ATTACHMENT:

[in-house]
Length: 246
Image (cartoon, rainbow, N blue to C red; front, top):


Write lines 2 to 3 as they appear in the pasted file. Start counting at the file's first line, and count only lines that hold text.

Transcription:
Length: 246
Image (cartoon, rainbow, N blue to C red; front, top):